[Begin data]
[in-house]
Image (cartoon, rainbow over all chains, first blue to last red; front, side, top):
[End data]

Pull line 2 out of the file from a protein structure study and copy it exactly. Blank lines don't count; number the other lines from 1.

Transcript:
Image (cartoon, rainbow over all chains, first blue to last red; front, side, top):